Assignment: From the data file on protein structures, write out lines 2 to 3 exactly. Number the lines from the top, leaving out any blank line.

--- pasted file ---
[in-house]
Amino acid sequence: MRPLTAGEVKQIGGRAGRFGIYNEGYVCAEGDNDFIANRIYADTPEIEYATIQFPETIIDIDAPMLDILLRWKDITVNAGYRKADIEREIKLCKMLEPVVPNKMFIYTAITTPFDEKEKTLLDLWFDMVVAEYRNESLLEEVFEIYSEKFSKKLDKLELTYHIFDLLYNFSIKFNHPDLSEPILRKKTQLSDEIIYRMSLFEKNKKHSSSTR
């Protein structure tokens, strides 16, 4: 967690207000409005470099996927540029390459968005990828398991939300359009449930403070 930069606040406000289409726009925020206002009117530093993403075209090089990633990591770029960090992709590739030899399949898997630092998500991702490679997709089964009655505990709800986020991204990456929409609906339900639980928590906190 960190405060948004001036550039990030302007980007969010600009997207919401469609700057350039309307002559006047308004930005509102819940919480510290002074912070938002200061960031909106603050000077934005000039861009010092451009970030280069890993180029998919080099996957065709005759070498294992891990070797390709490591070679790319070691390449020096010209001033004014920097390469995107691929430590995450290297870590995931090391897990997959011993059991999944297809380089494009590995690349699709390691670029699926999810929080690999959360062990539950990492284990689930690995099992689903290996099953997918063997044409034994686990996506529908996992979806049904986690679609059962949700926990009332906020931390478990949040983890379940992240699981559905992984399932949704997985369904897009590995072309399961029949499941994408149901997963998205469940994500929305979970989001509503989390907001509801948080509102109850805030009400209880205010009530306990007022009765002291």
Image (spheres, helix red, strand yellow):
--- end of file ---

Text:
Amino acid sequence: MRPLTAGEVKQIGGRAGRFGIYNEGYVCAEGDNDFIANRIYADTPEIEYATIQFPETIIDIDAPMLDILLRWKDITVNAGYRKADIEREIKLCKMLEPVVPNKMFIYTAITTPFDEKEKTLLDLWFDMVVAEYRNESLLEEVFEIYSEKFSKKLDKLELTYHIFDLLYNFSIKFNHPDLSEPILRKKTQLSDEIIYRMSLFEKNKKHSSSTR
């Protein structure tokens, strides 16, 4: 967690207000409005470099996927540029390459968005990828398991939300359009449930403070 930069606040406000289409726009925020206002009117530093993403075209090089990633990591770029960090992709590739030899399949898997630092998500991702490679997709089964009655505990709800986020991204990456929409609906339900639980928590906190 960190405060948004001036550039990030302007980007969010600009997207919401469609700057350039309307002559006047308004930005509102819940919480510290002074912070938002200061960031909106603050000077934005000039861009010092451009970030280069890993180029998919080099996957065709005759070498294992891990070797390709490591070679790319070691390449020096010209001033004014920097390469995107691929430590995450290297870590995931090391897990997959011993059991999944297809380089494009590995690349699709390691670029699926999810929080690999959360062990539950990492284990689930690995099992689903290996099953997918063997044409034994686990996506529908996992979806049904986690679609059962949700926990009332906020931390478990949040983890379940992240699981559905992984399932949704997985369904897009590995072309399961029949499941994408149901997963998205469940994500929305979970989001509503989390907001509801948080509102109850805030009400209880205010009530306990007022009765002291």